We present and discuss critical ecological uncertainties that identify important gaps in our knowledge of the resources and functional relationships that determine fish and wildlife productivity in the Columbia River ecosystem. These uncertainties compromise progress toward achieving the goals of the Northwest Power Planning Council's Fish and Wildlife Program (FWP).
The FWP assumes that a) the number of adult salmonids recruited is primarily a simple, positive response to the number-of smolts or juveniles produced, b) salmonid production can be increased by focusing management primarily on in-river components of the Columbia River ecosystem and c) massive management actions, especially mainstem flow augmentation from headwater reservoirs intended to promote anadromous fish productivity, will not compromise other components of the ecosystem, such as headwater rivers. These assumptions may not be valid and constitute an uncertainty that subsumes others we identified. This uncertainty arises because the FWP lacks a solid conceptual foundation that couples salmonid life histories and production with appropriate ecosystem (headwater, mainstem, estuary and ocean) components.
Other critical uncertainties relate to questions about the long-term sustainability of anadromous salmonid productivity and stock diversity, given the massive extent of environmental change in the ecosystem. We emphasize the need to clearly identify and rank factors that limit natural and artificial production, including possible impacts that hatchery operations may have on wild salmonid stocks. With regard to wildlife actions, we question the implicit assumption of the FWP that increased numbers of target wildlife species will result simply by producing or improving site-specific habitats.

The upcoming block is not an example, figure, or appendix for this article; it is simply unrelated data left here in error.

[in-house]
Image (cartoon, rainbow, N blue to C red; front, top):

Few of the current FWP projects in the annual implementation work plan are explicitly responsive to our critical uncertainties. However, these projects were not developed from the broad-based uncertainties perspective we present herein.
We recommend development of an explicit, conceptual foundation for the FWP that is based upon thorough review and synthesis of existing scientific information. This will clarify and elaborate critical uncertainties and responses to them. We reiterate a previous recommendation to implement a peer-review process that is responsive to critical uncertainties in the FWP and insures that key gaps in the knowledge base are filled. Finally, we again call for immediate development and implementation of a system-wide monitoring and evaluation program that also is responsive to critical uncertainties.